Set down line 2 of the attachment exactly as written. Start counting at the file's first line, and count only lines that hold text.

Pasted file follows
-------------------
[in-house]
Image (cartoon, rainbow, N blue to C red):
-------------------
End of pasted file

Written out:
Image (cartoon, rainbow, N blue to C red):